Background: Gestational diabetes (GDM) affects between 5-14% of pregnancies Australia wide.1
The education service at the Baker IDI Heart and Diabetes Institute provides an outpatient GDM clinic offering appointments and email support with both a Credentialled Diabetes Nurse Educator (CDNE) and an Accredited Practising Dietitian (APD). It was estimated that the introduction of these new ADIPS diagnostic guidelines would see GDM rates increase as found in a number of prospective studies2-3.
Aim: To determine if the gestational diabetes (GDM) service at Baker IDI has been impacted by increase in prevalence and workload with the implementation of the new ADIPS guidelines.
Method: A report was generated from our medical database of women who attended education services in 2015 for GDM. Results of seventy-two women were included in the data set. Results of glucose tolerance tests (GTT) were reviewed and compared against previous recommended diagnostic guidelines. The commencement of insulin was also included in the data set.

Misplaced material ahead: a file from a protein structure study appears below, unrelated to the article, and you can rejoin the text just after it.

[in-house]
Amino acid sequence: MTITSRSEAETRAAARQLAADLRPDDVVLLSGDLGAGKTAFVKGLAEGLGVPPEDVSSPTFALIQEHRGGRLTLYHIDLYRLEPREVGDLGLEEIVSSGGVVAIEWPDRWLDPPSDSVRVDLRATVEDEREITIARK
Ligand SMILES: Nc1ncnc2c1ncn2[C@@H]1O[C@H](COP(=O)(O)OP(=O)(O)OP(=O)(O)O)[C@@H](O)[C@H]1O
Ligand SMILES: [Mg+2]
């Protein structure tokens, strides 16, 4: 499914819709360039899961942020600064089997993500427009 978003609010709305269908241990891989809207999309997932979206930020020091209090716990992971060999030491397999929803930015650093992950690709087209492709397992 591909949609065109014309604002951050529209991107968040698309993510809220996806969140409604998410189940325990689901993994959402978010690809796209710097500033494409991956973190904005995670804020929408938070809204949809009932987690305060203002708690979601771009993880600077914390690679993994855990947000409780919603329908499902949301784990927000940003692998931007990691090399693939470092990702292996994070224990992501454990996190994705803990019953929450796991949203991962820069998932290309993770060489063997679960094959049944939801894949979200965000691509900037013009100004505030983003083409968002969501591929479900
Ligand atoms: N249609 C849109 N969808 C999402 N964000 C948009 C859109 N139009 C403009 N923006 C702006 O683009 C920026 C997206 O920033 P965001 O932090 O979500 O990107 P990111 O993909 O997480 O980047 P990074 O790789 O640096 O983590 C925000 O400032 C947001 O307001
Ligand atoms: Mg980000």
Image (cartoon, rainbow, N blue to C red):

Results: 18% (n=13) of the 72 women included in this data (p=0.139), would not have been diagnosed with GDM using previous diagnostic guidelines. Of these 18% (n=13), 53% (n=7) required insulin. Despite this increase in prevalence not being statistically significant, it indicates an increase in workload hours and patient contact at Baker IDI for the education services team.
With the introduction of the new guidelines the prevalence rate was projected to increase in many centres which is indicated by the results of our data review2-4. Data was not assessed for risk factors associated with GDM.
Conclusion: With the new ADIPS guidelines introduced, there was a predicted increased prevalence of GDM in many centres2-4.At Baker IDI, new criteria also saw an increase in this GDM prevalence, increasing resources required to provide GDM education.